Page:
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- The cruel, ruthless killings of humans, as at a slaughterhouse.
- c. 1593, William Shakespeare, “The Tragedy of Richard the Third: […]”, in Mr. William Shakespeares Comedies, Histories, & Tragedies […] (First Folio), London: […] Isaac Iaggard, and Ed[ward] Blount, published 1623, OCLC 606515358, [Act IV, scene iii]:
- The tyrannous and bloody act is done,—
The most arch deed of piteous massacre
That ever yet this land was guilty of.
Dighton and Forrest, who I did suborn
To do this piece of ruthless butchery
- (rare) An abattoir, a slaughterhouse.
- 1899 On the third Friday Jimmie was dropped at the door of the school from the doctor's buggy. The other children, notably those who had already passed over the mountain of distress, looked at him with glee, seeing in him another lamb brought to butchery. — Stephen Crane, Making an Orator.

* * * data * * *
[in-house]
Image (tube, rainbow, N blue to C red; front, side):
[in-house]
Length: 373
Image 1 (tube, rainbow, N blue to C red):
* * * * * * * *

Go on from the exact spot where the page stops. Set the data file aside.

- 1901 There was good grass on the selection all the year. I’d picked up a small lot—about twenty head—of half-starved steers for next to nothing, and turned them on the run; they came on wonderfully, and my brother-in-law (Mary’s sister’s husband), who was running a butchery at Gulgong, gave me a good price for them. — Henry Lawson, A Double Buggy at Lahey Creek.
- The butchering of meat.
- 1922, James Frazer, “Chapter 52”, in The Golden Bough:
- This butchery begins in the first Japanese month. For this purpose they put the animal's head between two long poles, which are squeezed together by fifty or sixty people, both men and women. When the bear is dead they eat his flesh, keep the liver as a medicine
- A disastrous effort, an atrocious failure.
- This week’s impossible-to-pronounce word: Catania. Granted, it’s a little trickier than Palermo, but there was no excusing the verbal butchery that ensued. —blog.
- A meat market
cruel, ruthless killing of humans
abattoir — see abattoir
butchering of meat